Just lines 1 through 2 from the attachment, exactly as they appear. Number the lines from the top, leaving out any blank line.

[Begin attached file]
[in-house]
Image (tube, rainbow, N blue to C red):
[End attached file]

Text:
[in-house]
Image (tube, rainbow, N blue to C red):